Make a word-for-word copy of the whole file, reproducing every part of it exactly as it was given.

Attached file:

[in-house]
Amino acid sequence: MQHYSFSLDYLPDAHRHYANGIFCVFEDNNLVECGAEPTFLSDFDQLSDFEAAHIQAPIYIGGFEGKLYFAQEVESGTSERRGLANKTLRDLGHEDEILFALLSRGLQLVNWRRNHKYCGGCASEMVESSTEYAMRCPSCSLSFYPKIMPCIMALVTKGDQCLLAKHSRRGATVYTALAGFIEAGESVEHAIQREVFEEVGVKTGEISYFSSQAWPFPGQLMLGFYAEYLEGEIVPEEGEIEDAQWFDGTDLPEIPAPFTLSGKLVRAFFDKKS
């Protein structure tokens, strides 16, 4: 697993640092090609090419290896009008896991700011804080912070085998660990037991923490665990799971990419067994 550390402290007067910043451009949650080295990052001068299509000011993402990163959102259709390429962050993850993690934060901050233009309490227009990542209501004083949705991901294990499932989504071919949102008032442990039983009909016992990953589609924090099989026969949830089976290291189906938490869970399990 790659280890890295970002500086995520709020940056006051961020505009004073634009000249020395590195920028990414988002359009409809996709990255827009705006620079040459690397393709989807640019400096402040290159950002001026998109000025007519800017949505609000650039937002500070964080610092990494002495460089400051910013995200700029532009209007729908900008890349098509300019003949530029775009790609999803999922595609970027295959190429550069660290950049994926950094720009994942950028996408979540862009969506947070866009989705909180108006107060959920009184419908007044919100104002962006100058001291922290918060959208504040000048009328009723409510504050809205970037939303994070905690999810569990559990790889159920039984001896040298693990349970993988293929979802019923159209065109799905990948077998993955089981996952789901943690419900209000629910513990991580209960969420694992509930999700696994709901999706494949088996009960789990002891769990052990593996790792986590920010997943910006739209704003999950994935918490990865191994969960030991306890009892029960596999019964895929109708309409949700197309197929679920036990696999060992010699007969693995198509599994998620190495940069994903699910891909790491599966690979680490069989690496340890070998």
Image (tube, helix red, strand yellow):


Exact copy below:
[in-house]
Amino acid sequence: MQHYSFSLDYLPDAHRHYANGIFCVFEDNNLVECGAEPTFLSDFDQLSDFEAAHIQAPIYIGGFEGKLYFAQEVESGTSERRGLANKTLRDLGHEDEILFALLSRGLQLVNWRRNHKYCGGCASEMVESSTEYAMRCPSCSLSFYPKIMPCIMALVTKGDQCLLAKHSRRGATVYTALAGFIEAGESVEHAIQREVFEEVGVKTGEISYFSSQAWPFPGQLMLGFYAEYLEGEIVPEEGEIEDAQWFDGTDLPEIPAPFTLSGKLVRAFFDKKS
């Protein structure tokens, strides 16, 4: 697993640092090609090419290896009008896991700011804080912070085998660990037991923490665990799971990419067994 550390402290007067910043451009949650080295990052001068299509000011993402990163959102259709390429962050993850993690934060901050233009309490227009990542209501004083949705991901294990499932989504071919949102008032442990039983009909016992990953589609924090099989026969949830089976290291189906938490869970399990 790659280890890295970002500086995520709020940056006051961020505009004073634009000249020395590195920028990414988002359009409809996709990255827009705006620079040459690397393709989807640019400096402040290159950002001026998109000025007519800017949505609000650039937002500070964080610092990494002495460089400051910013995200700029532009209007729908900008890349098509300019003949530029775009790609999803999922595609970027295959190429550069660290950049994926950094720009994942950028996408979540862009969506947070866009989705909180108006107060959920009184419908007044919100104002962006100058001291922290918060959208504040000048009328009723409510504050809205970037939303994070905690999810569990559990790889159920039984001896040298693990349970993988293929979802019923159209065109799905990948077998993955089981996952789901943690419900209000629910513990991580209960969420694992509930999700696994709901999706494949088996009960789990002891769990052990593996790792986590920010997943910006739209704003999950994935918490990865191994969960030991306890009892029960596999019964895929109708309409949700197309197929679920036990696999060992010699007969693995198509599994998620190495940069994903699910891909790491599966690979680490069989690496340890070998």
Image (tube, helix red, strand yellow):